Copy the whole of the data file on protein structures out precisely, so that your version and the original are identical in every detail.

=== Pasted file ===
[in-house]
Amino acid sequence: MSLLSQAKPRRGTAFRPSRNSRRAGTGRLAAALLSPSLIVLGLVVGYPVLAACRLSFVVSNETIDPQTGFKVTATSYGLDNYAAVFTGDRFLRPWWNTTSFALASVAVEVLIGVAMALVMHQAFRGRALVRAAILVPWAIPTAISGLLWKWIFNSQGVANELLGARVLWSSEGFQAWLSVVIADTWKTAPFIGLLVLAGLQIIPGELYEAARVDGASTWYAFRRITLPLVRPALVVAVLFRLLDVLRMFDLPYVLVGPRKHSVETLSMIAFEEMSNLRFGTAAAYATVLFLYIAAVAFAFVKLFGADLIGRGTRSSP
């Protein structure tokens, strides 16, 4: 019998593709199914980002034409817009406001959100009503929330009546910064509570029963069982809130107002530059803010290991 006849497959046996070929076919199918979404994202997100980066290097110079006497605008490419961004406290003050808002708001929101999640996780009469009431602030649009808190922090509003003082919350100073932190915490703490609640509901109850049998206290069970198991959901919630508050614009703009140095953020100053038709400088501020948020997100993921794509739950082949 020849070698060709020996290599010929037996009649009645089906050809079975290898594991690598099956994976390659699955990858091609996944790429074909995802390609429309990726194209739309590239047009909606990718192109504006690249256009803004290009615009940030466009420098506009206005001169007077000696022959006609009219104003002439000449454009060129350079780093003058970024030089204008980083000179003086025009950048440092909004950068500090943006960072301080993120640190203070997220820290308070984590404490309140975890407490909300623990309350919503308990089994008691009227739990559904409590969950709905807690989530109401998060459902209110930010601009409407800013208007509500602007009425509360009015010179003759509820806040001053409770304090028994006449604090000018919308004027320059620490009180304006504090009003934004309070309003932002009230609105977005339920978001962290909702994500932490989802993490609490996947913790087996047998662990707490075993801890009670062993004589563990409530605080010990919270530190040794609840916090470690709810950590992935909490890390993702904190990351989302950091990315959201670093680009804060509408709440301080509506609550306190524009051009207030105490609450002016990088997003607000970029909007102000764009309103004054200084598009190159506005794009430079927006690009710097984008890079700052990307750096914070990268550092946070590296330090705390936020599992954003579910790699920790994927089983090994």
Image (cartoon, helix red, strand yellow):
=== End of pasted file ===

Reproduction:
[in-house]
Amino acid sequence: MSLLSQAKPRRGTAFRPSRNSRRAGTGRLAAALLSPSLIVLGLVVGYPVLAACRLSFVVSNETIDPQTGFKVTATSYGLDNYAAVFTGDRFLRPWWNTTSFALASVAVEVLIGVAMALVMHQAFRGRALVRAAILVPWAIPTAISGLLWKWIFNSQGVANELLGARVLWSSEGFQAWLSVVIADTWKTAPFIGLLVLAGLQIIPGELYEAARVDGASTWYAFRRITLPLVRPALVVAVLFRLLDVLRMFDLPYVLVGPRKHSVETLSMIAFEEMSNLRFGTAAAYATVLFLYIAAVAFAFVKLFGADLIGRGTRSSP
């Protein structure tokens, strides 16, 4: 019998593709199914980002034409817009406001959100009503929330009546910064509570029963069982809130107002530059803010290991 006849497959046996070929076919199918979404994202997100980066290097110079006497605008490419961004406290003050808002708001929101999640996780009469009431602030649009808190922090509003003082919350100073932190915490703490609640509901109850049998206290069970198991959901919630508050614009703009140095953020100053038709400088501020948020997100993921794509739950082949 020849070698060709020996290599010929037996009649009645089906050809079975290898594991690598099956994976390659699955990858091609996944790429074909995802390609429309990726194209739309590239047009909606990718192109504006690249256009803004290009615009940030466009420098506009206005001169007077000696022959006609009219104003002439000449454009060129350079780093003058970024030089204008980083000179003086025009950048440092909004950068500090943006960072301080993120640190203070997220820290308070984590404490309140975890407490909300623990309350919503308990089994008691009227739990559904409590969950709905807690989530109401998060459902209110930010601009409407800013208007509500602007009425509360009015010179003759509820806040001053409770304090028994006449604090000018919308004027320059620490009180304006504090009003934004309070309003932002009230609105977005339920978001962290909702994500932490989802993490609490996947913790087996047998662990707490075993801890009670062993004589563990409530605080010990919270530190040794609840916090470690709810950590992935909490890390993702904190990351989302950091990315959201670093680009804060509408709440301080509506609550306190524009051009207030105490609450002016990088997003607000970029909007102000764009309103004054200084598009190159506005794009430079927006690009710097984008890079700052990307750096914070990268550092946070590296330090705390936020599992954003579910790699920790994927089983090994």
Image (cartoon, helix red, strand yellow):